The traditional left, meanwhile, was weakened in the last election as Brazilians voiced their frustration with Ms. Rousseff’s Workers’ Party (PT), which many now associate with corruption and mismanagement.

This fragmentation created a political vacuum, allowing a coalition of center-right lawmakers to take the reins on the reform and move it forward, according to Geraldo Tadeu Monteiro, coordinator of the faculty of law at the State University of Rio de Janeiro. Their role, in turn, has helped make the proposal palatable to moderate Brazilians who reject their controversial president.

Mr. Bruno, for one, isn’t a fan. “Bolsonaro is not responsible for any of [the reform],” he says. But he likes the market-friendly economy minister, Paulo Guedes, whom he sees as leading the charge.

Under the PT, pension reform was seen as less pressing, and plans avoided hurting the country’s most vulnerable workers. Now, as Brazil’s debt has ballooned and its fiscal health has deteriorated, a fresh sense of urgency has set it. The reform was initially expected to save the government more than 1.2 trillion reais ($300 billion) over 10 years, although this projection was lowered to about 900 billion reais ($226 billion) after parts of the bill were watered down.

Many hope it will encourage investment in the country, which is still struggling with unemployment above 12% and sluggish growth following a 2015-16 recession.

Fighting privilege

For many Brazilians, including Liliane Vidal, pension reform is fundamentally about fairness. The retired bank manager believes the reform will help even out the playing field by removing perks for well-paid public sector workers, many of whom can retire in their early 50s.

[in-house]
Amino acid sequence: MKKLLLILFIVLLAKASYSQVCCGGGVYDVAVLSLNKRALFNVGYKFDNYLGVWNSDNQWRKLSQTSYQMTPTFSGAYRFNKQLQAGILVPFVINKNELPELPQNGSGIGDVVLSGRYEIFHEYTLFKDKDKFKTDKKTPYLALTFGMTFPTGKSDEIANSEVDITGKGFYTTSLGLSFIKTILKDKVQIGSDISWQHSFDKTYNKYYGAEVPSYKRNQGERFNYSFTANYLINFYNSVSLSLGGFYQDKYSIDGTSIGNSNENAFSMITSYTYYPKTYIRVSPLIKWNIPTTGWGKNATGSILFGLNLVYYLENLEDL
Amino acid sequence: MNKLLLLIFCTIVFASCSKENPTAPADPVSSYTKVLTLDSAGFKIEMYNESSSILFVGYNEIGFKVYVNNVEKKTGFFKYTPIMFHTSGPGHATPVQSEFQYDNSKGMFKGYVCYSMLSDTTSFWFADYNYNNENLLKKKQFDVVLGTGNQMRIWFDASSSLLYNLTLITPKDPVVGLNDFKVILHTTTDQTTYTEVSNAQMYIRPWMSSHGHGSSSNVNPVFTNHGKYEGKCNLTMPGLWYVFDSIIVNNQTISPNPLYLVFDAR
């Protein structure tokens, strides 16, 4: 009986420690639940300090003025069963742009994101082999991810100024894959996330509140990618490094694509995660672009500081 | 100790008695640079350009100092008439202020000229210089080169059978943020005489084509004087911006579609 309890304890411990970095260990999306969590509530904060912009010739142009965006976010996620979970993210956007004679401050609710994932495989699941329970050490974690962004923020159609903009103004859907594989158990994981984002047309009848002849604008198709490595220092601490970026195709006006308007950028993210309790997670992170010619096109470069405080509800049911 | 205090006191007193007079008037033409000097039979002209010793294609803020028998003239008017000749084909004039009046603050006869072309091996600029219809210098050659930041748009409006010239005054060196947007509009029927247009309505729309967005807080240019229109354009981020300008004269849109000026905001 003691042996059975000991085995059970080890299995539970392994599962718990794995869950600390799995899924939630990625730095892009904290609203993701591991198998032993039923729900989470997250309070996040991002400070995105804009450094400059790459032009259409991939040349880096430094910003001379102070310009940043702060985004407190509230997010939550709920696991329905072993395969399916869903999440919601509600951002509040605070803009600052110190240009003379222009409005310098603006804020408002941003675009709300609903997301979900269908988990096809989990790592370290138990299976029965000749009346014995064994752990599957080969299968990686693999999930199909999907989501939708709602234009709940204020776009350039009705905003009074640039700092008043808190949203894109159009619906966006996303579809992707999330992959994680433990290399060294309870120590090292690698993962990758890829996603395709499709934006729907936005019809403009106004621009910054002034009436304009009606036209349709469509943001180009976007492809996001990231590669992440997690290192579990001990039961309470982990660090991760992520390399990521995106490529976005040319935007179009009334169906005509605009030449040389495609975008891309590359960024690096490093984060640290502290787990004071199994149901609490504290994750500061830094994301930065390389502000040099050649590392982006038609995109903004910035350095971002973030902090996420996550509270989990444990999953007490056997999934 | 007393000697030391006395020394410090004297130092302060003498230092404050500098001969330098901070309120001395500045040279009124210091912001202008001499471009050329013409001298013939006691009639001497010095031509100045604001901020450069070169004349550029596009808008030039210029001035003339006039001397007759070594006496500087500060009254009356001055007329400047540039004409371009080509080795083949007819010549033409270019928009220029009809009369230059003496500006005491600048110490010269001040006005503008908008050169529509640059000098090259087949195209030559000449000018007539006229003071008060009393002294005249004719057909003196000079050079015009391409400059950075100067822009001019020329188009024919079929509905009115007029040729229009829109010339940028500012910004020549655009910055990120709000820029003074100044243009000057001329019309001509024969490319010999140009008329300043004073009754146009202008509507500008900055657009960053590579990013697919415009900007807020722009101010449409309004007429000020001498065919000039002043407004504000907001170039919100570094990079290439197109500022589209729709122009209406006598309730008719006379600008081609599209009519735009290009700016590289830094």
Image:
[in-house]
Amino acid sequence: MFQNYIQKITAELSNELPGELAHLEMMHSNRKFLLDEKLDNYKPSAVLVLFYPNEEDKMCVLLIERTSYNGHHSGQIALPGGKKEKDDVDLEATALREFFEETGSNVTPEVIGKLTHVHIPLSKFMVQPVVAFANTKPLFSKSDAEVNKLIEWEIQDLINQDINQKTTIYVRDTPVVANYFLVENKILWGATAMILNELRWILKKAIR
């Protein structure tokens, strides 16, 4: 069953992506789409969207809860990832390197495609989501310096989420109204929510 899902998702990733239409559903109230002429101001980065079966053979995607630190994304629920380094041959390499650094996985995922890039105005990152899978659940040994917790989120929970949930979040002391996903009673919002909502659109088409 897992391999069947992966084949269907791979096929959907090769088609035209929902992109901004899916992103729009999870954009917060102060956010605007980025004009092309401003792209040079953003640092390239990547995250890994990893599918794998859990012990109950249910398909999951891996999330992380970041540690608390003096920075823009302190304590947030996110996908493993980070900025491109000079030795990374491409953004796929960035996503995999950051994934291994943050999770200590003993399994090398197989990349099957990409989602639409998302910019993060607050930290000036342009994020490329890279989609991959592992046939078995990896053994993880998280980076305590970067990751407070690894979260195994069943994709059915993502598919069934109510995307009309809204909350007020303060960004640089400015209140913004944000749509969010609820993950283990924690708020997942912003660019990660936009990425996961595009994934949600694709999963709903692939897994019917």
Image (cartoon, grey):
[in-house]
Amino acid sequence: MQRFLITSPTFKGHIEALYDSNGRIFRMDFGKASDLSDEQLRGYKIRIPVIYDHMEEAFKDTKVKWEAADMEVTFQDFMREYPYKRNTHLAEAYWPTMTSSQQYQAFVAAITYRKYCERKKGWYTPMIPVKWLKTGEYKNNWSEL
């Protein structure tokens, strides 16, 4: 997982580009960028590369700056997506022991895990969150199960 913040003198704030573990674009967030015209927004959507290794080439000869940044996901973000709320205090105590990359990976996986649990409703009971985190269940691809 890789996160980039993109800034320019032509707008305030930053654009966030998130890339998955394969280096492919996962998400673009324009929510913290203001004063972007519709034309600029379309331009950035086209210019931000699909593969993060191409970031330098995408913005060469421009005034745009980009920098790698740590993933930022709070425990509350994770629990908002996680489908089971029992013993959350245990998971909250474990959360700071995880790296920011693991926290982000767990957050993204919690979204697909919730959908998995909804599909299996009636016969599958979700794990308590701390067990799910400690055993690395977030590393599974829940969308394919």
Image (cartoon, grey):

“The main goal of the pension reform is to fight privilege,” says the Rio de Janeiro native and Bolsonaro supporter. “There’s a huge gap right now between normal workers and public functionaries.”

Pension reform wasn’t always viewed here as a way to fight inequality. But with the help of a massive media campaign, former President Temer reframed the reform as a way to close loopholes, rather than as an attack on normal working people.

Yet the legislation may not necessarily deliver. After much debate, state and municipal workers were exempted from the reform, although the Senate could still reconsider. Sectors backed by powerful lobbies, including police and teachers, also negotiated better deals. The military is being considered in a separate bill, which some expect to fade into the background. 

As a result, the reforms are likely to hit middle-class workers the hardest, according to Mr. Nery, rather than truly eliminating privileges for the few.

The reform also doesn’t reflect the vast discrepancies across Brazil in how long people work and live. In the northern state of Roraima, the average worker is 64.8 years old when they retire, data from the Brazilian Social Security Institute shows. In the wealthier southern state of Santa Catarina, the average retirement age is just 57.2 years.

“Brazil is a very unequal country,” says Mr. Monteiro. “And those differences are not contemplated in the pension system reform.”

Leandro Sadapaz, a cleaner from the populous Duque de Caxias suburb, says the reform carries little hope of solving Brazil’s problems.

“If the reform was for everyone, it would be a great thing,” he says. “But it’s not. It’s only for the poor, for the working class. Those with privileges will stay privileged.”